A shipwreck with more than 100 pieces of earthenware, presumed to date back to 18th- or 19th-century Korea, has been found in western waters in what archeologists say could be the first discovery of a Joseon-era ship.
The National Research Institute of Maritime Cultural Heritage said Wednesday that its underwater research team discovered what appeared to be a vessel’s stern and some wooden beams on the seabed off Mado Island, Taean County, South Chungcheong Province.
“A pilot excavation of the shipwreck site resulted in the discoveries of two buncheong-ware ceramics. It’s highly likely that the vessel is from the Joseon era,” the institute said in a press release.
Ceramics recovered from a shipwreck off Mado Island are on display during a press conference in Taean, South Chungcheong Province, Wednesday. (Yonhap)
Buncheong refers to ceramics with a gray or bluish-green body, decorated with white. It is associated with the earlier part of the Joseon Dynasty (1392-1910).
The salvaging of 111 pieces of white ceramics ― all thought to date back to the late 18th or early 19th century ― from the sea floor near the shipwreck site also increased the likelihood of the vessel being a Joseon-era relic.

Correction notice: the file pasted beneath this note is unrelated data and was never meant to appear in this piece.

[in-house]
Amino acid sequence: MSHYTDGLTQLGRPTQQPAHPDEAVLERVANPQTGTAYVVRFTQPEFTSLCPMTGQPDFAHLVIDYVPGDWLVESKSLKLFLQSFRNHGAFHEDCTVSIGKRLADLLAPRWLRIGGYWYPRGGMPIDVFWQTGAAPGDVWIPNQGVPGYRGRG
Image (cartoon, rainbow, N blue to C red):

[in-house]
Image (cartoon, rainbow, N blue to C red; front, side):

“It seems that the ceramics were the cargo of this vessel, as they are found bundled and stacked up,” it said.
A full-scale excavation is slated for April 2015.
The ship, which is thought to measure 11.5 meters long and 6 meters wide, may have sunk while crossing turbulent waters off Mado Island.
Since 2007, four ancient shipwrecks ― all believed to date back to the Goryeo Kingdom, which preceded Joseon ― have been found in the area, leading to the discovery of nearly 30,000 relics, some of which were valued as National Treasures.
Maritime archeologists describe the area as an underwater treasure trove.
In Korea’s relatively short history of maritime archeology and excavation, 12 ancient shipwrecks have been identified. Among them, 11 are thought to be from the Goryeo Kingdom.
By Lee Sun-young (firstname.lastname@example.org)